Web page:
The district belongs to Zone 2B of the Seismic Zone Map of Pakistan. This means there will be minor to moderate damage to property in case of an earthquake.

Population

The following table shows the population of the district according to 2017 Census:

Tehsil/ Taluka Area

Km2

Population Male% Female% Urban % Growth Rate %
Awaran District 29,510 122,011 51.8 48.2 28.1 0.17
Awaran Tehsil NA 30,228
Mashkai Tehsil NA 32,897
Jhal Jhao Tehsil NA 40,033

Table 1.3 Awaran Population Statistics

Religion[1]

Muslims 99%
Christians Negligible %
Hindus Negligible %
Ahmadis Negligible %
Scheduled Castes 0.2%
Others 0.7%

Table 1.4 Awaran Religions

Languages[2]

Urdu 0.1%
Punjabi Negligible %
Sindhi Negligible %
Pushto Negligible %
Balochi 99.7%
Seraiki Negligible %
Others Negligible %

Table 1.5 Awaran Languages

[1] 1998 Census; 2017 Census data has not been made public yet.

[2] 1998 Census; 2017 Census data has not been made public yet.

Economic ActivityEconomic Infrastructure

Economic Activity

The main economic occupations of the district[1] are:

  • Agriculture with its allied livestock breeding (56.8%)
  • Construction (18.9%)
  • Community, Social And Personal Services (7.8%)
  • Manufacturing (6.2%)
  • Electricity, Gas, and Water (6.1%)
  • Others (4.2%)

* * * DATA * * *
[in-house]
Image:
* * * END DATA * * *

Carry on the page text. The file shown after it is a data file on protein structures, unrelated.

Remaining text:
According to the United Nations’ Human Development Indicators, Awaran is the most underdeveloped district in Balochistan, Pakistan.

[1] 1998 Census; 2017 Census data has not been made public yet.

Land Use

The following table shows the main land use statistics of the district as per Balochistan Development Statistics 2018-19:

Total Area 295,100 HA Reported Area 211,587 HA
Total Cultivated Area 143,722 HA Net Sown 26,174 HA
Current Fallow 117,548 HA Total Uncultivated Area 67,865 HA
Culturable Waste – HA Forest Area 67,865 HA

Table 1.6 Awaran Land Use Statistics

Agriculture

The district is included in the Dry Western Plateau Agro-Ecological Zone of Pakistan; farming activity is mostly barani or rain-fed, based on subsistence level farming. The land is mostly irrigated by springs, karezes, and tube wells.

The crops of the district are wheat, barley, jowar, maize, rice, maash, moong, cotton, canola, and fodder.

The fruits grown in the district are apples, apricots, peach, plums, grapes, pomegranates, almonds, dates, watermelon, and musk melon.